Budget: Time to turn talk into action
By Dr Jonathan Marshall, ECIU Energy Analyst
As the second budget of the ‘fiscal Phil’ era rolls nearer, we don’t have to look very far at all for a dose of good old red-vs-blue squabbling. However, on energy and climate matters, the mood music is unusually positive. Since a noted change in tune within Conservative ranks on the back of the publication of the (Theresa May-fronted) Clean Growth Strategy, an optimist could even say we are looking at an arms race in climate-rhetoric.
Opinion pieces from members of both the Government and opposition front bench have seen the two main parties vying to look as green as possible. A notable shift from Messrs. Cameron and Osborne’s willingness to ‘cut the green crap’ at the first sight of a tightening balance sheet.
Following a few weeks of encouraging ‘big picture’ announcements – 2035 pathways, international agreements to move beyond coal, and so on – the budget is the first chance for the Government to put its money where its mouth is and announce properly-funded, properly-thought out policies that will not fall to a Brexit-shaped axe in early 2019.
Devil in the detail
Which brings us to the two main matters at hand; the carbon floor price (CFP) and the levy control framework (LCF), and a sizeable portion of déjà vu. We have definitely been here before, but now the can cannot be kicked any further down the road. There is no way that the Government can again delay the future of these policies. Any uncertainty over the carbon price would throw February’s capacity market auction into disarray, as parties making bids for payments four years from now need to know what the floor will be before tabling their bids.
Any more hesitance on the LCF risks strangling a growing UK-based renewables sector, at a time when all-too-frequent announcements of jobs moving overseas make uncomfortable reading on Downing Street.
The CFP is by far the easiest of the two nuts to crack. It is one of the main reasons behind the UK’s startling progress on cutting power-sector emissions, sending us shooting up the clean electricity league table and topping the G7 nations in terms of economy-wide decarbonisation over the past 25 years. There are a few calls from the back row to scrap the floor price, but nearly everyone else in the room is calling for it to stay at the same level.
Of course, when first implemented the floor was supposed to be much higher than it is by now, but it would be spurious to claim it isn’t effective at the current level. Expect it to be pushed out to 2025 at £18 per tonne, taking us to the date when coal power stations will either be forced offline through legislation, have broken down beyond economical repair or surpassed by cleaner forms of generation.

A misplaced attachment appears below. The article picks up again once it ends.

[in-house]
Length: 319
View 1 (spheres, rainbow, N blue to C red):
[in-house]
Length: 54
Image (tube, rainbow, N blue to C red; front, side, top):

Watering down the floor before then runs the risk of a coal comeback, which would be fairly embarrassing for a Government touting its post-coal leadership on the global stage.
How to design and implement a replacement for the LCF – which Mr Hammond promised back in March – is a trickier task. Tasked with both controlling spending on low-carbon power and providing necessary certainty to maintain a pipeline of projects, the LCF has been facing criticism since the get-go.
Any replacement for the LCF would be expected to be rigorous enough to avoid the pitfalls of its predecessor, which ran chronically over budget on account of higher-than-anticipated uptake of renewables, which performed better than expected when up and running.
On a basic level, it will be looked to for certainty for the renewables sector into the late 2020s, and should address the issue of supporting high cost first-of-a-kind projects such as Hinkley Point, and maybe a tidal barrage or two, which the CfD wasn’t really designed to accommodate. Could we see these hived off into a different ‘pot’, analogous to the ‘legacy costs’ scheme proposed by Dieter Helm? If costs are to be segregated in this way, does this merit the continuation of the LCF at all?
The dramatic falls in the cost of wind and solar power have not escaped the Government, who profess to be looking towards the cheapest (and easiest) means of cutting power sector emissions. It may be too soon for a main stage announcement on an onshore wind comeback, although a softening on position has been alluded to by the ministers in charge, but the goal is wide open to fill the green deal-shaped void in energy efficiency policy.
However, is this enough? Replacing the LCF is an opportunity for truly forwards-looking policy. If this Government is serious about keeping ahead of the curve, it should be kicking open as many doors as possible rather than just looking through those it has had the key to for a while. This could mean; the comeback of onshore wind in Scotland, allowing English and Welsh onshore wind to be repowered through CfDs, a decision on tidal power (despite rumours that Swansea Bay is set to get the thumbs-down), an announcement on industrial CCS that is more than a token gesture, and surely a pivot away from fracking.
It could also take the form of; a return of zero-carbon homes, action on aviation, support for heavy industry to both improve efficiency and reduce emissions, and comprehensive backing for the switch from petrol and diesel to electric vehicles.
These are the sort of policies that would be on the to-do lists of rival parties and nations, and therefore would be expected atop those of any Government looking to cement itself as the ‘greenest ever’. The 2017 Conservatives have made a fine start on green rhetoric, but now is the time for them to show how it can be done.